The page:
Supporting Characters & Artistic Integrity

Amateur authors and established authors alike often struggle with creating good supporting characters. The modern novel has reduced them to overlooked, dull and artistically-devoid plot devices.

People ignore the need for authenticity in this area because they forget that everything matters in writing. They should know better. Anyone who has ever spent over an hour on a single paragraph should understand the importance of their building blocks. Ignoring “minor” characters to focus on “what matters” is akin to hiring a world-class construction crew, equipping them with expensive tools, and then giving them rotten wood, rusting metal and crumbling brick to work with.

Too often I see implausible solutions for problems shifted onto the backs of otherwise unimportant individuals:

“Isabella was poisoned! Thank God my cousin is the world’s foremost expert in exotic toxins!”

“I have no idea what to do with my life… I’m sure Madame Chavali, our town’s fortune teller can help!”

et cetera… et cetera...

These, for want of a better word, “characters” swoop in, save the day or cause trouble, and leave. Their sole purpose is to further the story... Lacking in individuality, without a spark of humanity, it would be better if they didn’t exist - and you can tell James Patterson I said so!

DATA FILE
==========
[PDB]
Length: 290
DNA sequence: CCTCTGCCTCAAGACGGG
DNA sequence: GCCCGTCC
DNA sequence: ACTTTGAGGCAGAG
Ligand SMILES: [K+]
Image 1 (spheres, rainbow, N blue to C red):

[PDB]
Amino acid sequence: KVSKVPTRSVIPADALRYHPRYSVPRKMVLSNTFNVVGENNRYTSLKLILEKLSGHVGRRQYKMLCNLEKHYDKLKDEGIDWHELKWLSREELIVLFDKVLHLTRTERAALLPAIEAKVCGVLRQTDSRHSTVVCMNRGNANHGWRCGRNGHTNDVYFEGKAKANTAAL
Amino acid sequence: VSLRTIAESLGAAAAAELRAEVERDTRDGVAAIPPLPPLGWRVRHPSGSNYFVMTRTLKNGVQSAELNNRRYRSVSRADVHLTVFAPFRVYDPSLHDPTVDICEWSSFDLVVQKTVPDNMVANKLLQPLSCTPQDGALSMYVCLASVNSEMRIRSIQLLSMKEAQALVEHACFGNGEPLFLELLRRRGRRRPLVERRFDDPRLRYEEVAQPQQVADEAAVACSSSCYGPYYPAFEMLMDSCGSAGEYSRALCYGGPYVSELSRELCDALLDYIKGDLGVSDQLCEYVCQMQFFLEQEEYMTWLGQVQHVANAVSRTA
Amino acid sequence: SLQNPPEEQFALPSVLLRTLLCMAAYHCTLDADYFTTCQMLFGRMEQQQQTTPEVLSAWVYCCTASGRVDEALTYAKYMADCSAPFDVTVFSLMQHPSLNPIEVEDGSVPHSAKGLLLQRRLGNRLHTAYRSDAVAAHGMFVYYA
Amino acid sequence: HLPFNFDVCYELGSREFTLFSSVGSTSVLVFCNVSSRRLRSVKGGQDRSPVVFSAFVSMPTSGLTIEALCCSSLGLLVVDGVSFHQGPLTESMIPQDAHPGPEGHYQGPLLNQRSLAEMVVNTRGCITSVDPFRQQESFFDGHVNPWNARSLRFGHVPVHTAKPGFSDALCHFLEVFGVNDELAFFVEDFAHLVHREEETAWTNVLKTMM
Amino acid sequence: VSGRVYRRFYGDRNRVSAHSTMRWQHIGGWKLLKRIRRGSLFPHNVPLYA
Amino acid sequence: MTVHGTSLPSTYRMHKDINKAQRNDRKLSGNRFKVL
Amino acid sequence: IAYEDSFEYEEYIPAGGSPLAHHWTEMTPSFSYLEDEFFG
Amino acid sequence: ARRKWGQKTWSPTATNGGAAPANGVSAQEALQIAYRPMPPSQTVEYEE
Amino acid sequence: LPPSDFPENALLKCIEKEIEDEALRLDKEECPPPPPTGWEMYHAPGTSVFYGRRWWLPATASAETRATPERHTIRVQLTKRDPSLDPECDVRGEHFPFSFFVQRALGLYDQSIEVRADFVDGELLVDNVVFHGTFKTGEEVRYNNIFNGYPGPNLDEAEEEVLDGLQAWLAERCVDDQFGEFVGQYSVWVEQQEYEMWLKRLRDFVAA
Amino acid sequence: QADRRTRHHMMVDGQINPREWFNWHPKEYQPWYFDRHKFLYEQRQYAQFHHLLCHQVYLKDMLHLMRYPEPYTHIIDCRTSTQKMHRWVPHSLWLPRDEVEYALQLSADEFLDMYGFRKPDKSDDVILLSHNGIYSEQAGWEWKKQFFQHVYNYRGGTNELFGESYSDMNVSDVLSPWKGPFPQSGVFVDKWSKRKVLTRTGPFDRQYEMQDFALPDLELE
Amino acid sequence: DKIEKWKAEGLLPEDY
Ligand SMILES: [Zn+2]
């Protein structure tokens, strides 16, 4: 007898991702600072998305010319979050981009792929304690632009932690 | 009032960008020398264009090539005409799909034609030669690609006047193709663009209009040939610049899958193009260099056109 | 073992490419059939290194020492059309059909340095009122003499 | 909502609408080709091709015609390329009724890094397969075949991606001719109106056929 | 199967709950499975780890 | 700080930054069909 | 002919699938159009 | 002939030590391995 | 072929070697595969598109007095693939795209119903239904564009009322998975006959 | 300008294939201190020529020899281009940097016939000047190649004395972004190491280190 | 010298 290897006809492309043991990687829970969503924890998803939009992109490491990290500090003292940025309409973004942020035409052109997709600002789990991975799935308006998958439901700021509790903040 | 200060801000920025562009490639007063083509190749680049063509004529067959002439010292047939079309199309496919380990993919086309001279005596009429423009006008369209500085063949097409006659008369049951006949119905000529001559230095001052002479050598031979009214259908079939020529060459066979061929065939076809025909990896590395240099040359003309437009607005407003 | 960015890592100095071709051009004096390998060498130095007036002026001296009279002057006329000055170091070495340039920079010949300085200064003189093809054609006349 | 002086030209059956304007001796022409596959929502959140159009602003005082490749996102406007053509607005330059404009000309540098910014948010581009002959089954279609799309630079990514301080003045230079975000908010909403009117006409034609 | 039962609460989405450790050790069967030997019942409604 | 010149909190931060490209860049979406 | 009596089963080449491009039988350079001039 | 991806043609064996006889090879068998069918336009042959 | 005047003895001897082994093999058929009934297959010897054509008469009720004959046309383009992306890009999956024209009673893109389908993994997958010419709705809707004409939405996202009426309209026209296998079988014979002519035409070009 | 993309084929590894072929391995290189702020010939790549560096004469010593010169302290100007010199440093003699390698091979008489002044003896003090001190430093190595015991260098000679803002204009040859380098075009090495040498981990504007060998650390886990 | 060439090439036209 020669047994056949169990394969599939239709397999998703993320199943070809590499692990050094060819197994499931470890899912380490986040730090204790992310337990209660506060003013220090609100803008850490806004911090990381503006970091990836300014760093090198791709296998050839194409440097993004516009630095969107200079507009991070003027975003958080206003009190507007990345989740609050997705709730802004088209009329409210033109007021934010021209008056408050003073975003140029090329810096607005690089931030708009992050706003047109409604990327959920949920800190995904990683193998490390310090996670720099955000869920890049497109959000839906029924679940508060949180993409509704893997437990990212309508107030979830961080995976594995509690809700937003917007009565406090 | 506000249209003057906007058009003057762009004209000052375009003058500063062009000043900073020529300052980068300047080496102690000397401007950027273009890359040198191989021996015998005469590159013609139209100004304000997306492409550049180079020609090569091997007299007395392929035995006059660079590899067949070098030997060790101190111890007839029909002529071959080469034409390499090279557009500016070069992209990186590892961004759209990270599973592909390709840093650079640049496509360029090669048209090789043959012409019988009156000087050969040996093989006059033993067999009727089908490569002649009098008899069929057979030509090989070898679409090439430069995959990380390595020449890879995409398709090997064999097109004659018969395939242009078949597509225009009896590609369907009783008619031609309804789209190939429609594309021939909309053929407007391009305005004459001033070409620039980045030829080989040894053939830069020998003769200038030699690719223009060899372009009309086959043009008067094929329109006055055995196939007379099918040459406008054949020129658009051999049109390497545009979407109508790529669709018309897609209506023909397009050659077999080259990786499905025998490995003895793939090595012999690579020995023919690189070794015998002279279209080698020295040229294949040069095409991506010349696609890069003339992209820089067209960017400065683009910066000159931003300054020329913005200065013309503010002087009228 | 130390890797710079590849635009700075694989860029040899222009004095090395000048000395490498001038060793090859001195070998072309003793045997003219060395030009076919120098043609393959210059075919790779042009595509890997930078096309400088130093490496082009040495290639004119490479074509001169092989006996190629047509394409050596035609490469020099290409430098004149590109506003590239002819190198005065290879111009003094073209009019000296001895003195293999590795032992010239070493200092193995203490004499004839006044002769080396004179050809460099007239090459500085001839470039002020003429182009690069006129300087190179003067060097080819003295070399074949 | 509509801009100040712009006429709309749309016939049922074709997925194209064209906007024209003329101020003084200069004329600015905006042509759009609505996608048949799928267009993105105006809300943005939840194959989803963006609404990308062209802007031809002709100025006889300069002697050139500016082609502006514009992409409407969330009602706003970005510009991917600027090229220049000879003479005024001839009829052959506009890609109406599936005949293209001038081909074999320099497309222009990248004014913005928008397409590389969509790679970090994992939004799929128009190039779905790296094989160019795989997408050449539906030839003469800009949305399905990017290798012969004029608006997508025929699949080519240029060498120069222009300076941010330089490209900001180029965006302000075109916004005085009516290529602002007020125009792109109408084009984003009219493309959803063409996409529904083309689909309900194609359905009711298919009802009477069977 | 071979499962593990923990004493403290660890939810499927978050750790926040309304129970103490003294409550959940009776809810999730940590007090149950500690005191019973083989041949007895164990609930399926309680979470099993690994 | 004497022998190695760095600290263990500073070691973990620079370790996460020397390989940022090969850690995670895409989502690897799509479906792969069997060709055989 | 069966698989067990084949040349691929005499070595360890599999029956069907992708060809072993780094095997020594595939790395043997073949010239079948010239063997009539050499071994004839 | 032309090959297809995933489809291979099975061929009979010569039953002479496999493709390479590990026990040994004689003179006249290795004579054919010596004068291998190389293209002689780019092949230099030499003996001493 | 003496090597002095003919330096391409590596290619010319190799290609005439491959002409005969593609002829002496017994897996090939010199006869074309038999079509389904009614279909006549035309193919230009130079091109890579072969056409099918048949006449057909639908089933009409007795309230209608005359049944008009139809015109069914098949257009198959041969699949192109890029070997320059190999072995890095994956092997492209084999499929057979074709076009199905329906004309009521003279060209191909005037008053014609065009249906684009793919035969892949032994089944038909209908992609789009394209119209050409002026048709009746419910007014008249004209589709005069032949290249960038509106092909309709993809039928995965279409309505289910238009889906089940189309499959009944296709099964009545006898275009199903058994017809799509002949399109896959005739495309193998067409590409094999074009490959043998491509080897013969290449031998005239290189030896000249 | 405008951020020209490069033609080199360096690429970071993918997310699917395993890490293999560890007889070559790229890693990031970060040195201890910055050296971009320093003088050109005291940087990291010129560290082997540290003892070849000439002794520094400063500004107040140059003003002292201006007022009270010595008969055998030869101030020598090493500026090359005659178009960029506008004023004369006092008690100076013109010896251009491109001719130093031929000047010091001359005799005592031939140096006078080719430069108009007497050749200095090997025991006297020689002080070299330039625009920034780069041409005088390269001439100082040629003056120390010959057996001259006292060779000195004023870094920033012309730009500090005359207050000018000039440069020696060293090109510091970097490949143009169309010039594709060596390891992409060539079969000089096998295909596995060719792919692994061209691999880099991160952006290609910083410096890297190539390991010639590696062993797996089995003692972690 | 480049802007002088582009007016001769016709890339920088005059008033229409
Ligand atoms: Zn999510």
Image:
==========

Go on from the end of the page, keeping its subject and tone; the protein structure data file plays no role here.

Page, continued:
To the few who still appreciate all aspects of writing, I offer the following tips:


Understand Your Character’s Goals

View characters like people whenever possible. Don’t try to think about who you need to progress the story - think, instead, about who you HAVE, and figure out how you can use them to reach your story goals. Read that again. It’s important.


Do The Best You Can

Let’s say your story has a sort of fantasy/medieval milieu. For whatever reason, you absolutely need a character inside your hero’s castle to spy on certain private meetings, and report his finding back to the evil warlord hiding in the woods with leagues of soldiers at his disposal. Write this character if there’s no avoiding it, but don’t lose sight of WHY would she do this. This is an exercise in thinking that too many writers avoid entirely.

If this character  lives in the castle, wouldn’t she have family in the castle or the nearby town? If the answer is “No”, why does she resent your hero - a presumably just, upstanding ruler - enough to betray him? Where is she going to live after his betrayal? Even if she does it for a large sum of money (a little bit of a cop out, but a perfectly fine motive), she needs to know that she can settle down somewhere with her earnings.

A lot of this character’s motivational questions might be answered through the broader question: why do the soldiers outside follow the evil warlord in the first place? Please avoid “money” as the chief answer to this question… but even that is better than the greatest cop-out of all: “Because they are evil.”